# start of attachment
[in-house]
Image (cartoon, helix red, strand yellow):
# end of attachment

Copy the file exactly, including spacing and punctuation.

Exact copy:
[in-house]
Image (cartoon, helix red, strand yellow):